Wal-Mart Pushes Energy-Efficient Lightbulbs


Here’s a story for those of you who dislike Wal-Mart, and who have thought to yourselves, “if only they could use their power for good, instead of for evil!” From yesterday’s NY Times: Wal-Mart Puts Some Muscle Behind Power-Sipping Bulbs

…the long-lasting, swirl-shaped light bulbs known as compact fluorescent lamps are to the nation’s energy problem what vegetables are to its obesity epidemic: a near perfect answer, if only Americans could be persuaded to swallow them.
But now Wal-Mart Stores, the giant discount retailer, is determined to push them into at least 100 million homes. And its ambitions extend even further, spurred by a sweeping commitment from its chief executive, H. Lee Scott Jr., to reduce energy use across the country, a move that could also improve Wal-Mart’s appeal to the more affluent consumers the chain must win over to keep growing in the United States.

For those of you to whom Wal-Mart is a symbol of unmitigated corporate evil, this story must be mightily confusing. Wal-Mart doing something good?

Two themes are worth considering, here.

The first theme is Wal-Mart’s attempt to reposition itself as a leader in ethics, social & environmental responsibility, etc. Apparently they’re tired of being the bad boy of retailing:

More than a year ago, Mr. Scott, the company’s chief executive, began reaching out to some of environmental groups, telling them that Wal-Mart, long regarded as an environmental offender, wanted to become a leader on issues like fuel efficiency and greenhouse gas emissions.

Clearly, Wal-Mart has the organizational wherewithal, and the cash, to implement big changes. And there’s nothing in Wal-Mart’s business model that says it can’t be an environmental leader. Of course, selling a hundred million energy-efficient bulbs doesn’t turn Wal-Mart into an enviro-saint; there are doubtless other issues it needs to work on. But it apparently has the will, and is clearing beginning to find the ways. (See also my prediction about Wal-Mart from back in March.)

The second theme is Wal-Mart’s enormous power. We might usefully distinguish 3 kinds of power Wal-Mart has. The first lies in its own size, organizational capacity, & cash-flow. When Wal-Mart wants something, it’s got the resources to make it happen. Even if Wal-March changes no one’s light-bulb purchases but its own (for over a thousand stores in the U.S. alone), that’s still going to have a huge impact. The second lies in its access to the eyes & minds of gazillions of consumers: advertising energy-efficient bulbs on the end of an aisle at Wal-Mart is probably more effective marketing than a 30-second commercial during the Superbowl. This means that Wal-Mart has the power to influence people’s thinking. (Which do you think is more effective: an aisle-end display at Wal-Mart, or endless Saturday-morning public service announcements about hte importance of turning off light-switches?) The third is its power as a business partner. When Wal-Mart sets its mind to something, other key players are pretty much bound to come along for the ride:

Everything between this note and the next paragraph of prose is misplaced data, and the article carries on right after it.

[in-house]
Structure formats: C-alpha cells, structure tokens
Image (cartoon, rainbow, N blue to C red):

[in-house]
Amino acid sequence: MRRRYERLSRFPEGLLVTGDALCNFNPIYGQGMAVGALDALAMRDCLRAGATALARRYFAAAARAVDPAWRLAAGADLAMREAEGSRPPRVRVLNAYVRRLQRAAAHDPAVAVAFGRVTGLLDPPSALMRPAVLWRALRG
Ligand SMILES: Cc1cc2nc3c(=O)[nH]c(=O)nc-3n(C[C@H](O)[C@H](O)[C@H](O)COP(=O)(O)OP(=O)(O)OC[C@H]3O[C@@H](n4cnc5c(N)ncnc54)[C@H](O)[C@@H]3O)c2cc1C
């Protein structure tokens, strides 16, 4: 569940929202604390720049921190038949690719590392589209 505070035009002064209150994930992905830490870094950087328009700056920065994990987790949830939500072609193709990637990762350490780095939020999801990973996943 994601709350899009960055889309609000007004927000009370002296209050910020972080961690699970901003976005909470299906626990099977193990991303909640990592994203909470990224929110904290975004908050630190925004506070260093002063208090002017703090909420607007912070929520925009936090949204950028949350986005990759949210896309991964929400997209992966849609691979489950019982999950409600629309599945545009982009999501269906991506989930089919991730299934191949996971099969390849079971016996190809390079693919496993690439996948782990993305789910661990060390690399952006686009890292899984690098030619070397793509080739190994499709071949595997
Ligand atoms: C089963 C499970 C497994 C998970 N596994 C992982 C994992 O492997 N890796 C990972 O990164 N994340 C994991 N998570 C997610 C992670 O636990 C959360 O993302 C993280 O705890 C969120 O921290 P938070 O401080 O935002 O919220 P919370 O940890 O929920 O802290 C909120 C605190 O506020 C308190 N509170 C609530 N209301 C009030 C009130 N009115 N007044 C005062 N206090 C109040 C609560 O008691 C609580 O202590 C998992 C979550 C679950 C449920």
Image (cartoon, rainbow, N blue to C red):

In a December 2005 meeting with executives from General Electric, Wal-Mart’s largest bulb supplier, “the message from G.E. was, ‘Don’t go too fast. We have all these plants that produce traditional bulbs,’ ” said one person involved with the issue, who spoke on condition of anonymity because of an agreement not to speak publicly about the negotiations.
The response from the Wal-Mart buyer was blunt, this person said. “We are going there,” the buyer said. “You decide if you are coming with us.”
In the end, as Wal-Mart suppliers generally do, the bulb makers decided to come with the company.

Yikes. Not a lot of companies can get away with being snippy to G.E. (the world’s second-largest company). When you see that kind of weight being thrown around, it’s pretty hard not to agree that it’s being done in service of something like energy efficiency. Sure, Wal-Mart probably wouldn’t be doing this if they thought they’d lose money at it, but why should they? And besides, there are lots of products to make money on. Energy-efficient lightbulbs? We could do a lot worse.

2 comments so far

  1. Mark- Energy Efficient Lighting on

    I also believe in the power of the big companies and how they can easily manipulate the public with their marketing or advertising. I call these demons the influence meddlers.Personally I have a good friend who works in the industry of energy efficient lighting and has told me how some of the large companies are playing of the environmental issues yet marketing energy efficient lights just for profit and at the same time not really concerned with the environment at all.A good example is when a major company creates a statement in the news… regardless to if it is true or false, the majority will believe it because their trusted news reported it. Yes the big boys do have the power.Regarding your last bullet point from earlier this year and prediction of Wal-Mart using a corporate social responsibility / corporate citizenship / business ethics… well you hit the nail on the head with that one… Any chances of some stock tips from you 🙂It is unfortunate (in my opinion) that people are so easily led and believe what we are told as this tyranny is not just a part of the corporate structure we see it is also a part of the world governments as many are learning.

  2. […] (For previous postings on Wal-Mart and the environment, see here and here.) […]


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